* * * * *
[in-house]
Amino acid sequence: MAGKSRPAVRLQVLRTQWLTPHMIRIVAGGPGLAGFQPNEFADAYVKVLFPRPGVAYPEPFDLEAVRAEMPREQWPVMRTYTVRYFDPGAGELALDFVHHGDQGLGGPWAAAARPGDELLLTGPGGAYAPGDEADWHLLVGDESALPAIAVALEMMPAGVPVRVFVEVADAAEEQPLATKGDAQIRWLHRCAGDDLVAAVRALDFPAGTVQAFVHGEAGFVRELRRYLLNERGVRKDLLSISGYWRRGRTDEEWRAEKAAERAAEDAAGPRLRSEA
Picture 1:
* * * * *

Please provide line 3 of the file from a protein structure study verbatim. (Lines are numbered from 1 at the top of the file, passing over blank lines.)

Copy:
Picture 1: